You should be adding approximately half of your total amount of plaster in the first instance.
Immediately plunge in your mixer and start mixing – if you delay you will get lumps that you’ll struggle to mix out.
Use the drill on a very slow speed (to prevent the plaster splashing all over the room) and swirl in both clockwise and anticlockwise directions – raising the paddle up and down as you go and being sure to get into ever edge and corner of the bucket.
After you have mixed in the first load of plaster to a smooth consistency, quickly add more of the plaster (about 50% of the total remaining amount to match the amount of water we put in).
Again, plunge in the mixer and start mixing until you have worked out all of the major lumps. Be sure this time to get into every corner of the bucket to dredge out any dry plaster and ensure a smooth, lump-free mix.
Using a large margin trowel or bucket trowel, scrape round the bucket to mix in any lumps or dry plaster sticking to the side of the bucket. Also, test the plaster by seeing how it sits on your trowel – you should be able to heap it on the level trowel without it running off.
In most cases, the plaster will run off the trowel too easily at this stage and so be too sloppy to use, if so then we need to continue.
Now we continue to add plaster in smaller amounts (handfuls), mixing it in and testing it with our trowel until we have the right consistency (approximately the thickness of melting ice cream).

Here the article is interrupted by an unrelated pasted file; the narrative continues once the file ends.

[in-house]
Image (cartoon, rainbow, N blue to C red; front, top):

However, avoid over-mixing the plaster as this can cause its own problems.
The plaster is ready when it is smooth, creamy, lump-free and capable of sitting on the flat trowel without running off. A good plastering tip is to mix the plaster slightly thicker for ceilings and a little wetter for walls as this makes for a less messy job when plastering a ceiling. There is some matter of personal preference in the final consistency but a stick placed in the mix should stand upright unaided when the plaster is properly mixed. If you feel the plaster is a little too thick then you can add a little more water and give a short re-mixing but try and avoid needing to do this if you can.
Immediately pour out half of the plaster onto the pre-dampened spot board (the rest will keep better in the bucket).
The plaster is now ready to use and will be fully set in approximately 1½ to 2 hours and as a rule of thumb you have approximately 30 minutes to apply this mix to the wall before it is unworkable. The humidity and temperature of the room can make this vary greatly. The warmer the temperature the faster the plaster will set. In my example I have mixed my plaster slightly wetter than I would usually to try and combat the heat from the studio lights.
Wash the equipment immediately before proceeding (ideally a labourer or assistant would do this for you so that you can start plastering as you are always fighting the clock with plastering).
Do not leave the plaster to even partly dry on your equipment as it will be hard to re-move and can ruin your equipment. Also, when doing a second mix, any contamination from previous mixes can cause your plaster to set too quickly to be usable.